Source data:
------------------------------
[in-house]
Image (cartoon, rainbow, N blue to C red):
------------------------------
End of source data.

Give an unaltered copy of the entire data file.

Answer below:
[in-house]
Image (cartoon, rainbow, N blue to C red):